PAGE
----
I find it totally non-intuitive that a parachute would jump back a little when deployed. I am not talking about the effect as seen by other watchers. Is it possible that some air is compressed under the chute such that it causes that small bounce back?

  • $\begingroup$ Have you a link to a video which shows this? $\endgroup$ – Farcher Apr 14 '17 at 20:14
  • $\begingroup$ Actualy myth 3 (here)[google.cz/amp/listverse.com/2009/02/05/… $\endgroup$ – Zveratko Apr 14 '17 at 20:17
  • $\begingroup$ But I believe it happens maybe on smaller scale $\endgroup$ – Zveratko Apr 14 '17 at 20:18
  • $\begingroup$ The lines that connects the diver to the chute are elastic to absorb shock. So when the chute catches the air there is an initial stretch in the lines followed by elastic recoil - a movement of the diver backward relative to the chute - but each object never continues to move downward. Is that what you mean? $\endgroup$ – docscience Apr 14 '17 at 23:11

If you're asking what I think you're asking, then your answer lies within the falling of the person. When someone is falling through the air, the wind is rushing up relative to the person because the person is moving down relative to the air. In other words, what causes the "blowback" is the drag force suddenly increasing many times over. Drag is the force something (or someone) experiences when trying to move in a fluid. It can be said to be a complicated type of friction.

In this case, a parachute works by drastically increasing the amount of air a person has to push out of the way to move in it. That increase is due to a few things but mostly it's the increase in cross-sectional area and changing of the drag coefficient of our object (in this case our skydiver and parachute).

If you're asking about myth number 8 in your link, I believe the effect your link describes is the relative "going up" of someone who has deployed a chute as seen by someone who has not yet deployed their chute. This is merely due to the sudden change of velocity of the person who deployed the chute.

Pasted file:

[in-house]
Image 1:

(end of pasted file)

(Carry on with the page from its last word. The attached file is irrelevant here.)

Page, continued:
Think of it this way; the two people skydiving are two drivers accelerating side by side towards something. One of them brakes, hard. The other driver who is still going at the original high speed sees the car next to him "bounce back" but to someone standing still looking at both of them, the car just slowed down, it didn't go backwards. Similarly, the parachute deployer only slows down, he/she doesn't go up. It only looks that way to the other person falling down.

Edit: To answer your comment's follow-up, no. This is because of Newton's laws. In much the same way that you can't pull yourself up by your own bootstraps, you can't fall fast enough or deploy a parachute immediately enough for the air to do that (assuming the air is static). The compression of air is due to gravity and the going up that you ask about fights gravity. There is no way to obtain a bigger force going up from a force going down, no matter how compressed the air. It's like if you had a weight on top of a spring and tried to make it bounce higher than its release point, it's not going to happen. It may happen in real life but if it did, then it's because of air currents.

  • $\begingroup$ Will the 'blowback' rise for any moment the chute up? Immediate opening the shute will cause air compresion which will create the minimal up movement? $\endgroup$ – Zveratko Apr 14 '17 at 20:29
  • $\begingroup$ I have edited my answer to address your comment. $\endgroup$ – HsMjstyMstdn Apr 14 '17 at 20:38
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    $\begingroup$ To continue with the car analogy; you can't brake so hard that you go backwards. $\endgroup$ – HsMjstyMstdn Apr 14 '17 at 20:42
  • $\begingroup$ When you full stop the torsion force of car rims will allow for small play(causing you to go forth and then back) $\endgroup$ – Zveratko Apr 14 '17 at 20:45
  • $\begingroup$ What you are referring to is mainly due to all the springy-bits in a car bouncing back and playing "catch-up" to the wheels that have already stopped. The car leans slightly forward in a braking state and bounces back to normal after the car has effectively stopped. What you are experiencing is real but there will never be enough bounce back to move the car backwards. If there were, I could theoretically drive my car backwards simply by going forwards and then braking hard enough. $\endgroup$ – HsMjstyMstdn Apr 14 '17 at 20:49

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